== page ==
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The great mound brings to mind the amazing work that took place here over 1,000 years ago. Interactive, interpretive displays are featured under the pavilion. A series of interpretive panels, like this one, help visitors understand the long history of this site. Native flowers bloom to welcome visitors and provide a beautiful and relaxing view.
Letchworth-Love Mounds
Entrance sign at Letchworth-Love Mounds Archaeological State Park.

History and Culture

"Letchworth-Love Mounds is part of a larger mound complex that extends beyond the park boundaries. The cultural resources of Letchworth-Love Mounds consist of multiple mounds, including a small burial mound recorded in 1972 and the larger mound complex recorded five years later. The 46-foot high Temple mound, the centerpiece of the park, is part of a complex of between 20 and 28 smaller mounds. Letchworth Mound predates the Lake Jackson Mound complex north of Tallahassee, and was thought to be the eastern capitol of a Native American culture, with Lake Jackson as the western capitol.The large Letchworth Mound is 13-15 meters high, with an apparent platform on the south east side. The remains of a ramp are visible. The people who built the mound are believed to have been members of the Weedon Island Culture, a group of Native Americans who lived in North Florida between 200 and 800 A.D. There is a second mound located 1.5 meters to the northwest of the large mound. The village associated with the Letchworth Mound is considered to have been on the south side of the mound. Acquisition by the state began in 1992 to protect and preserve the mound and related archaeological deposits. The park opened to the public in 1998. "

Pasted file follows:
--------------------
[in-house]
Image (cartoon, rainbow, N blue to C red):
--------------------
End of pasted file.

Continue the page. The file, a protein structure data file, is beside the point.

The great mound rises almost 50 feet above the ground.

The Great Mound

Come and explore the art and architecture of Letchworth-Love Mounds Archaeological State Park. Constructed between 1,100 and 1,800 years ago by the Weeden Island peoples, the almost 50 foot tall Great Mound is among the tallest earthen mounds in Florida. While the exact details are yet to be discovered, the construction of the Great Mound required extensive planning and organization. Members of the community carried dirt in baskets weighing 30 to 230 pounds each to create this archaeological wonder.

Visitors on the path to the Great Mound enjoy learning opportunities at the site.

Visitors

Each year, visitors come to this historic site to enjoy the natural beauty of the area, as did the American Indians who once lived here.

A covered picnic pavilion awaits  visitors.

Picnic Pavilion

Come and spend a quiet and peaceful day at Letchworth-Love Mounds Archaeological State Park. A covered picnic pavilion awaits, with hands-on displays and a scaled model of the Great Mound.

A boardwalk provides access to an overlook of the Great Mound.

Boardwalk & Overlook

A boardwalk leading to an overlook platform beckons visitors to enjoy the richness of this cultural site.

Right next to the park is the Lake Miccosukee launch area.

Lake Miccosukee

The American Indians may have chosen this area because of the close source of water and fishing at Lake Miccosukee.